Andy and I eat dinner in front of the TV 99.99% of the nights that we eat together at home, and I’m not angling to change that. I know that flies in the face of all the posts on the Internet about intimacy and connecting with your spouse and raising your kids right, but it works for us, and here’s why.
Photo Credit: Pawel Kadysz via Unsplash
1. It gives us something to talk about.
Look, Andy and I are both introverts, and we’re not always the best at talking to each other. The times I’ve spearheaded our eating at the table the conversation has tended to be stilted, and I hate listening to people chew.
For the first 4 years of our marriage, Jeopardy! was our show of choice. We recorded it and watched it the next night. We would speak the answers (er, the questions) out loud and get competitive. We would comment on the players’ jobs and outfits. It wouldn’t be uncommon for us to pause the show when something on it spurred a conversation topic.
That’s the key, though. If you’re using the TV to escape, albeit together, and you sit like blobs watching it, you probably should try to eat at the table. But it’s a conversation starter for us, and we don’t mind clicking pause periodically. It’s like a box of Table Talk cards but that moves and talks back.
Another perk is that I feel like it helps us avoid the iPhone trap. It’s still tempting in slow parts of the show to mindlessly scroll through social media, but it’s easier to resist when you’re engrossed in a plot or intellectually stimulated by a story.
2. It gives us a shared context.
We have pretty different preferences in movies and TVs, but we overlap in a few places. Finding a show to get invested in together gives us something in common. It’s not an experience, per se, but it’s akin to one. Plus, we each stretch our comfort zones periodically and are often pleasantly surprised to find ourselves enjoying something the other introduced us to. Or, we both dislike the same show and get to talk about why.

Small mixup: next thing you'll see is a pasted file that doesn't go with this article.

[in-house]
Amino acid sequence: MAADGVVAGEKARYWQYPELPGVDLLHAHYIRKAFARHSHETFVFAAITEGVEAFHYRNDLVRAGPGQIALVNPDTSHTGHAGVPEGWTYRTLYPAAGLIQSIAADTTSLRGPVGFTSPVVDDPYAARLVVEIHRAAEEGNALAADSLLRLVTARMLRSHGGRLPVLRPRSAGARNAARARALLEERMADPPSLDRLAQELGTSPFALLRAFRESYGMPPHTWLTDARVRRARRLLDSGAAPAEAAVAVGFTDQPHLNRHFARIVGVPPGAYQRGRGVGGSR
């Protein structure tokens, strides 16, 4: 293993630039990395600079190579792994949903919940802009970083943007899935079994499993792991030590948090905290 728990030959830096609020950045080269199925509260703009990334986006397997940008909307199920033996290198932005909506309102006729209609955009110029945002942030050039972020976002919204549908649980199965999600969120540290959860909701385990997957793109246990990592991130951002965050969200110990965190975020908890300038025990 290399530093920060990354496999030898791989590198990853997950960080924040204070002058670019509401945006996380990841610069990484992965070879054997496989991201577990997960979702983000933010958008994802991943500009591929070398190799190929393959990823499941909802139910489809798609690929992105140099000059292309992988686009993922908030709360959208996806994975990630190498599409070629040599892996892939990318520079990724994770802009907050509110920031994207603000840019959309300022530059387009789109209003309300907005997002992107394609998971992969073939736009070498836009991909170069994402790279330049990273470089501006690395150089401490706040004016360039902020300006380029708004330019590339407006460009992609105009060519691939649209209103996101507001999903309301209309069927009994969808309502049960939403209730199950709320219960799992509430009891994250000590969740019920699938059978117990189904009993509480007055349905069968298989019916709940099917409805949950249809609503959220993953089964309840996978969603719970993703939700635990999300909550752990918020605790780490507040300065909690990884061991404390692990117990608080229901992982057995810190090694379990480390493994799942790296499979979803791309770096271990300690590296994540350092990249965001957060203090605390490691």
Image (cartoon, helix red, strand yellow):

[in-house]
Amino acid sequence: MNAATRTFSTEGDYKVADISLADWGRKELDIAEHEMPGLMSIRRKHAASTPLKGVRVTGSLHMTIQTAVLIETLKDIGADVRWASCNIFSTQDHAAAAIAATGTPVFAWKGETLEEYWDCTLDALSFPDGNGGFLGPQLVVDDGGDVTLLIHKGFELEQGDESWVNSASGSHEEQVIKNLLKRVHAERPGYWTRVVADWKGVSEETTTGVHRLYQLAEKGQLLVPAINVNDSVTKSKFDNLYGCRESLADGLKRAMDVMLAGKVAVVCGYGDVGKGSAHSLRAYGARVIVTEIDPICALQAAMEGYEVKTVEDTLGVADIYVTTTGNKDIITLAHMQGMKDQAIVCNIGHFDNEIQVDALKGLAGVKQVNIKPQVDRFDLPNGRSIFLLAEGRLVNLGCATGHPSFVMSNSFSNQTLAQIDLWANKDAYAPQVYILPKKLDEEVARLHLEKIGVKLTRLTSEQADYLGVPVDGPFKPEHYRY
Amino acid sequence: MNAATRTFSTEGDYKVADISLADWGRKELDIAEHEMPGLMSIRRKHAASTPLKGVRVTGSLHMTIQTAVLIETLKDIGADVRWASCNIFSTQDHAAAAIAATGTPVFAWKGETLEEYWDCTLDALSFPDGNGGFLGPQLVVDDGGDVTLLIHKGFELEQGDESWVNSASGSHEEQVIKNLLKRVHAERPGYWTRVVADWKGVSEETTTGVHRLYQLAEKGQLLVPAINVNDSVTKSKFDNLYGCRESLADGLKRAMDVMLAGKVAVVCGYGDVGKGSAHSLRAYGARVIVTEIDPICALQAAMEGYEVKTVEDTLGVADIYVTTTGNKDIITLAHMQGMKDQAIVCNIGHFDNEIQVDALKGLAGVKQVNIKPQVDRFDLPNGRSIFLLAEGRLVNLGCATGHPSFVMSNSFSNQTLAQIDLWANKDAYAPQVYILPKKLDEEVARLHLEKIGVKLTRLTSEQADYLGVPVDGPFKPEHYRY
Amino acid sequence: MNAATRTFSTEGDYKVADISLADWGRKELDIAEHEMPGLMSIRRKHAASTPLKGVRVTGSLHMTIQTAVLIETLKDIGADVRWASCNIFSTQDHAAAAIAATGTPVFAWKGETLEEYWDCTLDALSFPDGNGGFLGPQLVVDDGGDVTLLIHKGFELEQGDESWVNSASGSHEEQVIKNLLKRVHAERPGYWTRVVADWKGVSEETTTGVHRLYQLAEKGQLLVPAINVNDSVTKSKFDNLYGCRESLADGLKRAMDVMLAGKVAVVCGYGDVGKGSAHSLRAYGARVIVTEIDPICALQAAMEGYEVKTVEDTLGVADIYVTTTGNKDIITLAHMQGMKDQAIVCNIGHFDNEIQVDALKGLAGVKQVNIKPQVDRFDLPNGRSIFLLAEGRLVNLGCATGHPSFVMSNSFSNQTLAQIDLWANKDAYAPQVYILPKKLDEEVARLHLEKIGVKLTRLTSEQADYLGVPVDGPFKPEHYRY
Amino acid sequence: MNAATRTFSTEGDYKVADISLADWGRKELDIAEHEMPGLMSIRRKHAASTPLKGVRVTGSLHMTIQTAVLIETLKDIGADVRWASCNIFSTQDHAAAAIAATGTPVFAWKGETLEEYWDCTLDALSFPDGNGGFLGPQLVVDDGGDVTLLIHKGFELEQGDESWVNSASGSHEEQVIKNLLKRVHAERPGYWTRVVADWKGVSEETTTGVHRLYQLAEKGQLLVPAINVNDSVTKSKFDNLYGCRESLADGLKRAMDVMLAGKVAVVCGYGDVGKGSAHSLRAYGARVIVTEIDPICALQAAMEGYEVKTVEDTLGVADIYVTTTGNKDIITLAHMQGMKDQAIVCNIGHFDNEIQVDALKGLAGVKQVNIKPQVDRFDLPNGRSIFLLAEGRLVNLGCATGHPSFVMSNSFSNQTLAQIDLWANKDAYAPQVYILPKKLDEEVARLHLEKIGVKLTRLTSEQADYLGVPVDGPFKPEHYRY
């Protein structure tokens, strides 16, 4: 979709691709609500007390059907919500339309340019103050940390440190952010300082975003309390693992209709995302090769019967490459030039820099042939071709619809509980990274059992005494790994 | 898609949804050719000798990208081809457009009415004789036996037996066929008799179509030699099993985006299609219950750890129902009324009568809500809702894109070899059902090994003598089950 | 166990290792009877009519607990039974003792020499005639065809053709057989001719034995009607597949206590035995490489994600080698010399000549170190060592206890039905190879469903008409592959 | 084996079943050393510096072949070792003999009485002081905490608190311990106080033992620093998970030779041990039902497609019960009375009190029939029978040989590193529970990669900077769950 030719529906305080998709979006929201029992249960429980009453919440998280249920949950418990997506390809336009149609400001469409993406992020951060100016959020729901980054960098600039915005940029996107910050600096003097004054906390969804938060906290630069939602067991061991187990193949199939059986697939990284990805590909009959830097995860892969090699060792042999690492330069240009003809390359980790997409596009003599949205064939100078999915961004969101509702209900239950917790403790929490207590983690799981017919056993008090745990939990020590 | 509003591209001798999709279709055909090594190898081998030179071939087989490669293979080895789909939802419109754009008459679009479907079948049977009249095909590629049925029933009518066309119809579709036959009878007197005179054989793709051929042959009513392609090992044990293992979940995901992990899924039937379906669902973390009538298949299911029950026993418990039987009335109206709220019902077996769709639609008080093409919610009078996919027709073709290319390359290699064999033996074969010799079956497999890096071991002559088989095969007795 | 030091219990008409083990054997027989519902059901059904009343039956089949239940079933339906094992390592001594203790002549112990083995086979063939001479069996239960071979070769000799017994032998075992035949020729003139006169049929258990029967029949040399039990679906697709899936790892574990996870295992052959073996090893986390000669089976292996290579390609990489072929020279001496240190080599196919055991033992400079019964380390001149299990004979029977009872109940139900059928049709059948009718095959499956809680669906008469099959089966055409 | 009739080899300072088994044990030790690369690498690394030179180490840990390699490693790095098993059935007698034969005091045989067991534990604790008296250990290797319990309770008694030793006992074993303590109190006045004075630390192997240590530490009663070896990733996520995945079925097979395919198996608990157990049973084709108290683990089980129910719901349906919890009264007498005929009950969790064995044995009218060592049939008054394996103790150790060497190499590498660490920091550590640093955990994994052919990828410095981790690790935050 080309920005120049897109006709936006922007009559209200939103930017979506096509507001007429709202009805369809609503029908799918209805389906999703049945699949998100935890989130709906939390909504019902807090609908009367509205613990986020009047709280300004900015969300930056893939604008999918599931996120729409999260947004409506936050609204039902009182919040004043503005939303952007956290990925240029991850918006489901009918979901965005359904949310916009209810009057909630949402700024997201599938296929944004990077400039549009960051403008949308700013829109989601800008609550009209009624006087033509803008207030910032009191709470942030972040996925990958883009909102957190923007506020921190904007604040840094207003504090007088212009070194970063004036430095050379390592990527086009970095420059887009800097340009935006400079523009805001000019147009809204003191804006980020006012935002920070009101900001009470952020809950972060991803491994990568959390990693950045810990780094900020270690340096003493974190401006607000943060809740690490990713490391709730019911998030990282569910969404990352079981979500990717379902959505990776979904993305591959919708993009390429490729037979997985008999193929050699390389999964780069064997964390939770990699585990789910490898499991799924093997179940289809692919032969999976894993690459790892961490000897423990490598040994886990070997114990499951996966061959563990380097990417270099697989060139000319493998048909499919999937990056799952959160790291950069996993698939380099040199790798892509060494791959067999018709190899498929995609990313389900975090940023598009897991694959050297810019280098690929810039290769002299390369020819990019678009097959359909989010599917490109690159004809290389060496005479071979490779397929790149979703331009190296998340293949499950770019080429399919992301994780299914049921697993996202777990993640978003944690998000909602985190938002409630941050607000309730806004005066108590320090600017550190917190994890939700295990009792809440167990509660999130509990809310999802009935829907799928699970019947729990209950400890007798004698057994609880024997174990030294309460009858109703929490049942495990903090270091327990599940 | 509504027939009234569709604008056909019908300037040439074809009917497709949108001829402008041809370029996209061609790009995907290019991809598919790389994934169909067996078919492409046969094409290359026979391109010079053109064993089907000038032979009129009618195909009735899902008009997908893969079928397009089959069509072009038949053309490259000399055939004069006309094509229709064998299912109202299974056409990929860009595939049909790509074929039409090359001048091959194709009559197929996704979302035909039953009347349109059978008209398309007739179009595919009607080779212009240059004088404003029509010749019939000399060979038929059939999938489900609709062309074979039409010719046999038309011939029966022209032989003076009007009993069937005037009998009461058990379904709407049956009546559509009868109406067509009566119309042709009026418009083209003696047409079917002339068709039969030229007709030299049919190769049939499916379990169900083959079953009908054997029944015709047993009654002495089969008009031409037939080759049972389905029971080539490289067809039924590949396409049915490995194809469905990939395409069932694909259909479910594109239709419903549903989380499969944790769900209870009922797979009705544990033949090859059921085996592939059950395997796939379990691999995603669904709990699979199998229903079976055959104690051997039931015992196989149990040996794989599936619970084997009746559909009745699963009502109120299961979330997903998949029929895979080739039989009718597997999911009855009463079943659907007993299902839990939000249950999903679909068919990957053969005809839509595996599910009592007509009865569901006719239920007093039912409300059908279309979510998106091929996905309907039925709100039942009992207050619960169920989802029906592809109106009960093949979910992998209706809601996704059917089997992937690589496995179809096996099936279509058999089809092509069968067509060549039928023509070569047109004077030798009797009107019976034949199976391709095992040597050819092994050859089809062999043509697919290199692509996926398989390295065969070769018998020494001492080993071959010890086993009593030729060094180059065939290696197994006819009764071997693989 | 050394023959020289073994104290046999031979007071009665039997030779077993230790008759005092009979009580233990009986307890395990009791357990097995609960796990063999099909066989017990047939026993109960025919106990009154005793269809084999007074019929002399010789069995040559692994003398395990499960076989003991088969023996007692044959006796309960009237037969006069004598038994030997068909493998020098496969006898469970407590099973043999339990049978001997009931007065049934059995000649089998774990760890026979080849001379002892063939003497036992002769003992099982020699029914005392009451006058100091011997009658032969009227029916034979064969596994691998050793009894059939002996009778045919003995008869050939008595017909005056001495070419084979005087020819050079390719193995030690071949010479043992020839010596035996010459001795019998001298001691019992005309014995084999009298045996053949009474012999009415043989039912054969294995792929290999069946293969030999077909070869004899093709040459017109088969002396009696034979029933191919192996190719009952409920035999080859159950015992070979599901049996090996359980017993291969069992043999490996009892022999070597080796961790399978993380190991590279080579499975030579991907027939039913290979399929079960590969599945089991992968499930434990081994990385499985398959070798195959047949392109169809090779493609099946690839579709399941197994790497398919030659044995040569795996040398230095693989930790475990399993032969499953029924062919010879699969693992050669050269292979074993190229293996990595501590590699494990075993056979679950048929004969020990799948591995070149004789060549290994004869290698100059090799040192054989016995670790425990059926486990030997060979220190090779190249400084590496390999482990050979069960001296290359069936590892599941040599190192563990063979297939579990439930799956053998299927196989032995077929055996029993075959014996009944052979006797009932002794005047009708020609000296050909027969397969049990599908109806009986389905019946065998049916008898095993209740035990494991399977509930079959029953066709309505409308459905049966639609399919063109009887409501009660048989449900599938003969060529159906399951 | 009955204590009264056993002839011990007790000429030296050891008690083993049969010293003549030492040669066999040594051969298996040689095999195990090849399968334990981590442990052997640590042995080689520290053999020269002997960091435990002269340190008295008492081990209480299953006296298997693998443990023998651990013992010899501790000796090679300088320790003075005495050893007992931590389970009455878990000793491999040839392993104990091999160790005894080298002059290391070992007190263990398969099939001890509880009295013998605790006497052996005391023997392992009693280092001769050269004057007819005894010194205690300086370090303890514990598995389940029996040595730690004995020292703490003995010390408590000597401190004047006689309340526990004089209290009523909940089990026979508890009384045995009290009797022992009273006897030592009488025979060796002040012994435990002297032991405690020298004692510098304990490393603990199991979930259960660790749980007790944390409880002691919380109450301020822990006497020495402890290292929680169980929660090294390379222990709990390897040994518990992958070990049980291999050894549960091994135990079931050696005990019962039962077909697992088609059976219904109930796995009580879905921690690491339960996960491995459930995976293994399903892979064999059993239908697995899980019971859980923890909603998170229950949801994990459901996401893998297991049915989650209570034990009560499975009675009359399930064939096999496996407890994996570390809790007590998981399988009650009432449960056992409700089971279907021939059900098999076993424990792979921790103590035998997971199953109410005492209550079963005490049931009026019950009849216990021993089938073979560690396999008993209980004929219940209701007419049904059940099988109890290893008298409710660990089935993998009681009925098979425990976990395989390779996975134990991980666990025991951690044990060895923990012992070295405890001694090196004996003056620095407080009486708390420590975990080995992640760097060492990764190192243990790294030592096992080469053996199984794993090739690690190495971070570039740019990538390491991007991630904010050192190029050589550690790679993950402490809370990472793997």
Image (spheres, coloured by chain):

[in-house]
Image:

Some that we’ve particularly enjoyed together (aside from Jeopardy!) are:
- Friday Night Lights (y’all, I MISSED those guys when the show ended.)
- Veronica Mars
- Air Disasters
Most recently we watched Band of Brothers and then embarked on Pacific, its much-later corollary. Sometimes we also throw in an episode or two of something educational like NOVA or Makers.
On occasion we’ll get a few episodes into a show (or heck, sometimes a few seasons–lookin’ at you Dr. Who, The Americans, and Homeland) and mutually decide we’re not into it anymore. Sometimes one of us will decide to keep watching it on our own. (I have several shows I watch without Andy.) And then also on occasion I convince him to watch an HGTV show with me. #winning
3. It gets us physically close to each other.
Physical touch is not my primary love language. A friend of mine joked one time our freshman year of college while we were all crammed on a twin bed watching a movie that she didn’t like being touched, and I scooted away and believed her because it didn’t seem unreasonable to me. (The real truth is she LOVES to cuddle. I mostly don’t.) But like, when you are married to someone, touching is a nice and good thing, and I have a tendency to forget that!
When we sit on the couch next to each other watching TV and eating off of our TV trays that we got at Walmart early on in our relationship, we’re primed for some physical contact once our plates are empty. That usually happens before the show is over, so then we’re left with a half hour or so of time to sit next to each and hold hands, something that we might not prioritize or make time for otherwise. We also take the opportunity to torture the cat with our touches and make her do ridiculously cute things that she pretends to hate but I hope secretly loves.
I understand why a lot of couples prioritize sitting at the table and eating, but I’m satisfied with how we do it. If we had children, I would probably transition into family dinners without the TV, but this is my family right now and it works for us!